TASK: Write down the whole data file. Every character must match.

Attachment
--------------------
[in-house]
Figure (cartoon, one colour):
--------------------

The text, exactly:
[in-house]
Figure (cartoon, one colour):